SHERIDAN — While working with citizens and transients in Sheridan County through Community Connections, Brooke Kaszas recognized a gap in services for an unassuming group — middle-class Sheridan residents. Several factors contribute to financial instability of this particular group of the population, some of them being cyclical spending and others an inability to keep up with the cost of living.
Kaszas served more than 300 households in her one year managing Community Connections in Sheridan. Of those families, a good amount came in specifically seeking financial aid for items like utility bills that skyrocket during the winter months.
Kaszas also mentioned LIEAP, or Wyoming’s Low Income Energy Assistance Program, which administers benefits based on need for home energy costs through the Wyoming Department of Family Services. While there may be some, Kaszas doubted that most of the people she worked with were cheating the system by asking for financial assistance.
“They live with such a small budget that they rob Peter to pay Paul any place they can, and that creates a systemic, constant need that they’re never able to get on top of,” Kaszas said.
Sheridan’s cost of living, according to Sperling’s Best Places website, sits just above the U.S. average at 102, where the national average on everything is measured at 100. Groceries, health, housing and median home costs have higher than the national average, and utilities and transportation costs below the national average. Wyoming overall lines up exactly with U.S. averages at 100 in overall cost of living. The state as a whole goes above national averages in grocery and housing costs, but Wyoming dips under the national average in utilities and transportation.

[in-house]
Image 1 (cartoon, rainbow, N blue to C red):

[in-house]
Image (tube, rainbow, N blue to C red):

A Harvard Business Review study tracked every dollar 235 U.S. households spent for a year and found widespread financial vulnerability. In the study, every household had at least one worker and none were among the poorest or richest in their communities. The households were also regionally and ethnically diversified.
While tracking, researchers recognized volatile incomes and expenditures among families. Incomes were more unstable if families relied on incomes from commissions, tips and hourly work with fluctuating schedules. Expenditures came from emergency costs like car repairs, sickness, school bills and home repairs. Researchers also credit national rises in health care and education costs as areas where low- to middle-class families take a financial hit.
Kaszas saw families “doing everything the right way” and still coming up short.
A USA Today article credited rising rent and gasoline costs without a rise in wages for tightening budgets for households. The article quoted Union Bank of Switzerland credit strategist Stephen Caprio saying stronger wage growth is needed to allow stressed households to keep pace with higher rents and anticipated increases in borrowing costs.
Even the definition “middle-class” families is shrinking, with middle-income households falling from 61 percent in 1971 to 50 percent in 2015, according to Pew Research Center, which defines middle income as a four-person family making $48,347 annually.
Whether poor budgeting or a true lack of ability to remain financially stable, the need for programs specifically providing aid to double-income families still exists in Sheridan, a place that sits slightly above the state and national averages for cost of living.